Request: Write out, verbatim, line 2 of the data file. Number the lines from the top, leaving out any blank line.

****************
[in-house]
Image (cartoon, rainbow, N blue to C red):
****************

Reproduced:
Image (cartoon, rainbow, N blue to C red):